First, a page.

Re: divergence from upstream as a bug
* Joey Hess <firstname.lastname@example.org> [080517 23:01]:
> What if we just decide that changes made to upstream sources qualify
> as a bug? A change might be a bug in upstream, or in the debianisation,
> or in Debian for requiring the change. But just call it a bug.
> Everything else follows from that quite naturally..
Except that it has an important scope problem. Divergences with the
Debian package are not open bugs in Debian, they are open bugs in
upstream that are localy fixed within Debian.
> For all the maintainers who already keep on top of forwarding their
> changes upstream, this won't be much of a burden; ideally you just CC
> the BTS and add some pseudoheaders.
Except that this hardly fits in reality. With active upstream you
usually have the discussion first, and decide to add the patch after
that and considering the impact on the code, the severity of the bug and
the perspective of upcoming upstream releases.
> For ones who can't, because they
> cannot communicate with upstream (for whatever reason), it gives them a
> way to communicate with other interested parties (users, other distros)
> and maybe resume communication with upstream in the future.
We have already such a place. It's called the .diff.gz. It's linked
everywhere, on every mirror in the same directory as the software.
This file is there to contain and show what is changed.
Admitted, the original one file diff is not perfect for multiple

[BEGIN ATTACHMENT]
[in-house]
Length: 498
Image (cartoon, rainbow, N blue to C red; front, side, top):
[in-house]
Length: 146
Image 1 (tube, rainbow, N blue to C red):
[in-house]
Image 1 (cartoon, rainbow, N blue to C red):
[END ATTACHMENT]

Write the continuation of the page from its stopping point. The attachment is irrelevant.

patches, but for this adding additional patch files in there works
This is were people look at and what I from looking for changes of other
distributions of packages I maintain often miss elsewhere: A complete,
current list of what is actually changed.
Everything else is just overhead, as with comments in source
code: they are nice to have as long there little, but if there are too
many they are most of the time outdated, wrong or distracting.
Instead of adding new stuff, why not actually enforce and improve what
I'd suggest to start with making pristine upstream tarballs (or pure
subsets of those) obligatory. No modifications allowed in there and no
And when extending the source packaging format, do not throw away the good
properties lightly. Git for example is no format to present
modifications. It is one to present history (which is almost but not
quite something completely different).
Thanks in advance,
Bernhard R. Link